Back from the dead, the Trans-Pacific Partnership has acquired a new lease on life without Washington’s involvement. Now there’s more reason than ever why China’s membership would benefit everyone involved, including Beijing.
China has always responded with skepticism when asked about the Trans-Pacific Partnership (TPP). Viewing the US-led regional trade pact with suspicion, it has long considered it an attempt to contain growing Chinese regional influence and economic clout. Moreover, after Trump’s protectionist turn this year, it no-doubt thought—like many others—that the trade deal would fall apart, and that this would allow more room for Asian states to dictate the terms of economic integration in the region.
These perceptions have been emphasised by the solid progress China has made on the alternative, the Regional Comprehensive Economic Partnership (RCEP). With the US on the back foot, and geopolitical events favouring China’s rise, 2017 incidentally marked a tipping point, where the country moved from a global follower to a global leader. However, after a long campaign spearheaded by the Japanese, the remaining TPP-11 nations managed to revive the deal as the Comprehensive and Progressive TPP (CPTPP) and will sign the agreement in Chile next month. Without a bold move on China’s part, this could check its regional ambitions.
One of China’s central objections to the TPP was its hesitations with Western concepts of commercial fairness. The inclusion of protections on intellectual property (IP) for instance—particularly on pharmaceuticals and technology—was enough to preclude Chinese involvement by itself. However, following the US departure, the biggest voice for these kinds of protections has vanished and with it, so has the impetus for the remaining nations. Many of the nations only agreed in order to gain greater access to the huge US market.
Moreover, America’s withdrawal leaves the trade pact without a single huge market, providing motivation for the remaining members to seek a replacement. This provides China with not only the leverage to join, but also the motivation to reshape the existing rules in its favour.
Until now, China has been pushing the alternative RCEP and while it has made some progress, a side-by-side comparison of the clauses shows that the deal is not nearly as lucrative. Although this alone is incentive enough for Chinese entry, further enticement is provided by the presence of the Latin American nations in the deal, a presence RCEP rival lacks. In recent times, the Western hemisphere has seen a great deal of Chinese investment, concurrent with China’s rise as a global power. By engaging with the 11 states that are part of the CPTPP framework, China would make further inroads into territory formerly considered a domain under US hegemony.
This would achieve two things. First, in South America it encroaches upon the Monroe Doctrine, which has set the agenda for engagement with the Western hemisphere for almost two centuries. Second, in Asia it strengthens its own version of that doctrine, the Island Chain Strategy. This could not come at a better time; the staggering disengagement with the international community displayed so far by the Trump presidency, and the antagonistic tone it has taken with the region implies that these strategies could go predominantly unchecked for at least the next half-decade.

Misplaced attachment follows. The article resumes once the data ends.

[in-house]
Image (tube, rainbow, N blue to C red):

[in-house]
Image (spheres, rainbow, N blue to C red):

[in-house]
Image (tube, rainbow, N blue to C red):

Last year proved to be a very successful 12 months for China. Its rise on the international stage was marked by its joint-leadership position in the Paris Agreement and subsequent solidarity with the European Union despite the US exit. In addition, it established its first overseas military base in Djibouti to expand its influence abroad. It also showed remarkable skill in getting the Philippines onboard with its project in the South China Sea, despite the International Court of Justice ruling in favour of the latter. These small successes show that China now has the capacity to take the lead on significant issues, not just in East Asia but globally.
This, when combined with Chinese President Xi Jinping’s ambitious Five Year Plan and his announcement of China’s intentions to take on a leadership role at the recent 19th Communist Party Congress, shows that it not only has the capacity, but the will to forge a new destiny. Japan’s initiative in leading the new CPTPP will hamper Chinese regional and global trade efforts if a final agreement is reached, locking it out of economic benefits and providing other members with less incentive to join RCEP. Missing this opportunity will not only slow China’s attempts to take the lead, but other regional powers may start to question its ability to do so.
This is not to mention that even if an RCEP deal is concluded, China won’t have the same access to Latin America provided by the CPTPP, missing this once-in-a-lifetime opportunity to take advantage of the US step-back on the global stage. The Free Trade Area of the Asia-Pacific (FTAAP), an Asia-Pacific Economic Cooperation (APEC) forum initiative which envisions broader cooperation between pacific-rim nations, does provide the opportunity to engage with Latin America, but its daunting complexity combined with the presence of so many actors with diverse and often opposing interests have forced experts to declare it dead-on-arrival.
Lastly, even if China joins and is out-manoeuvred in its endeavour to change the clauses regarding IP protections, it is clear that China has reached a turning point in its development that will make those clauses very attractive to it in the near future. Its burgeoning leadership position in technology may well force its industries—particularly its emergent electric car market and flourishing Shenzhen tech hub—to demand the same protections its Western counterparts now receive.
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